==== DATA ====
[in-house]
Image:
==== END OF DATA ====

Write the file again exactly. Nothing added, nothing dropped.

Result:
[in-house]
Image: